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The House passes the CROWN Act, a bill banning discrimination on race-based hairdos

FILE - Shana Bonner, left, styles the hair of Pho Gibson at Exquisite U hair salon on, July 3, 2019, in Sacramento, Calif. People of color in the industry trace bias and discrimination in predominantly white salons to the sidelining of formal education focused on Black hair. Horror stories are not uncommon, from outright refusal of service to botched treatments and cuts by stylists who don't know what they're doing. (AP Photo/Kathleen Ronayne, File)
Shana Bonner, left, styles the hair of Pho Gibson at Exquisite U hair salon in this July 3, 2019, file photo. The U.S. House passed a federal anti-bias bill to protect against discrimination of race-based hairstyles.

The House passed a bill Friday that would ban race-based hair discrimination at work, federal programs and public accommodations.

The CROWN Act, which stands for Creating a Respectful and Open World for Natural Hair Act, passed along party lines with a vote of 235-189. The bill now heads to the Senate for a vote.

"For too long, Black girls have been discriminated against and criminalized for the hair that grows on our heads and the way we move through and show up in this world," Rep. Ayanna Pressley said on the House floor Friday.

Congressional action on race-based hair discrimination comes after years of advocates pushing for policy change at the national level.

Several states have already implemented their own versions of the CROWN Act. On Thursday, Massachusetts became the latest state to pass a local ban on hair discrimination.

"Hair discrimination is rooted in systemic racism, and its purpose is to preserve white spaces," the NAACP says. "Policies that prohibit natural hairstyles, like afros, braids, bantu knots, and locs, have been used to justify the removal of Black children from classrooms, and Black adults from their employment."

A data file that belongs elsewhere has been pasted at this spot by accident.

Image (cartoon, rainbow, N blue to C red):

A 2019 study conducted by the JOY Collective said Black women were 80% more likely to feel pressure to change their hairstyles in order to fit in at the office.

Federal protection is still needed, the NAACP's Legal Defense and Education Fund said. That extra mile would give Black people a legal safety net from consequences at school or work for their natural hair.

More than a decade in the making

A prior attempt at taking hair discrimination complaints to court failed.

In May 2010, Chastity C. Jones, who was hired to work as a customer service representative with Catastrophe Management Solutions in Alabama, lost her job offer after she refused a human resources request for Jones to cut her dreadlocks.

A lawsuit filed by the Equal Employment Opportunity Commission against CMS ultimately failed. An Alabama district court ruled CMS's refusal to hire Jones because she wore dreadlocks didn't violate federal civil rights law.

A narrow Democratic majority in the Senate may not be enough to get the CROWN Act approved despite President Biden expressing strong support for the bill.

The White House said, "The President believes that no person should be denied the ability to obtain a job, succeed in school or the workplace, secure housing, or otherwise exercise their rights based on a hair texture or hairstyle." Copyright 2022 NPR. To see more, visit https://www.npr.org.